Into the Wild – Mittagong to Katoomba

Blue Mountains

Friday April 2 to Tuesday April 6, 2010 (Walk 125km)

I finished the last of my scroggin as we headed to Katoomba along Narrowneck after a five day walk from Mittagong. I wandered if I could make the last Smartie in the scroggin last to the gate on Glenraphael Drive which was a milestone to us finishing this walk. It kept my mind occupied. The Smartie did not last, but I did. We made it to Katoomba railway station on Tuesday just after 1pm after setting out from home on Friday at 5 am by bus to Central, then train to Mittagong and then a taxi to Hilltop (approx 12km north of Mittagong) for the start of the walk.  I have lived in Sydney for most of my life and have never really fully appreciated the grandeur that is on our doorstep. Over the Easter break, the Hammer and I set out to walk the Blue Mountains World Heritage area from south to north, the classic walk from Mittagong to Katoomba. The flu I had since the finish of the Six Foot Track Marathon had not fully passed but I felt fine enough to attempt this walk especially since we did not have a time target and could take our time. As it was it ended up being being a trial as availability of water was the determining step to the distance needing to be walked each day.

Day 1 Friday April 2, 2010
The taxi dropped us off at our start – the Bargo State Forest just at the end of the populated area in the small town of Hilltop. We followed a wide fire trail to the Nattai National Park where the trail narrowed and as we got closer to the Nattai River the trail was more and more overgrown.  Two groups of trail motor bikes overtook us – one in the State forest and one in the protected area of Nattai NP. Beautiful easy walking saw us reach Murray Flat in the early evening. We refilled our water bottles on the Nattai, 6 litres between us, and camped a bit further on just before the sign near the start of the ascent of Beloon Pass. Highlight of this section of the walk was the Scribbly Gum Forest and the hundreds of caterpillars on the path along the way. The low point was the wild pigs which could be heard snorting in the distance and their damage was very obvious once we got close to the banks of the Nattai River.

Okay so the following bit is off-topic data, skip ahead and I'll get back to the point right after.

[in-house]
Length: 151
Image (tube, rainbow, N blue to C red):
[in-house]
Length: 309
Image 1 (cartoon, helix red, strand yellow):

Day 2 Saturday April 3, 2010

It was a beautiful sunny morning as we started the climb up to Beloon Pass. This trip was a chance for me to try my newly developing map reading and navigational skills. As it was the ascent of Beloon Pass was made easier by the blue arrow marks on the trees and outcrops pointing out the route to the top. The way up was incredibly steep and fairly narrow with lots of fallen trees blocking the path.

Just as I started to think I have had just about enough of this relentless climbing with no end in sight, suddenly we reached the top of this very narrow shelf with a steep drop off to the north. A most wonderful scene of the valley ahead and our ultimate goal in the far distance, too far too contemplate.

The descent off Beloon Pass was a heart stopper for me – not a fan of heights. It drops very steeply where I was reduced to crawling down on my backside on all fours and in section where the pack pinched on an overhang, I was sure I was going to be hurled tumbling down like a rag doll. Amazing what you can accomplish when you have no idea what is ahead. Slowly, slowly we made our way down to the less steep section where we bush-bashed to reach the trail marked on the map. From here it was walking along Sheepwalk Trail- a fire trail towards Yerranderie.

Walking was fairly slow as the trail was exposed and littered with sharp quartzite rocks which were sharp and rolling underfoot. By mid-afternoon we realised that we had to keep walking to our next water stop, which was likely to be at Yerranderie, as we were slowly running out of water. This made for long hard afternoon and evening of walking. What a relief it was to reach Yerranderie well after 8.00pm. But disappointingly the camping area was fully booked (Easter school holidays) with a few big loud groups, one with a generator. We were so exhausted we did not mind camping in the middle of this bedlam of noise. I thought this was a sanctuary. That’s what the sign on the way in said. I woke up in the middle of the night sick and vomiting and worried that I may not be able to carry on the next day.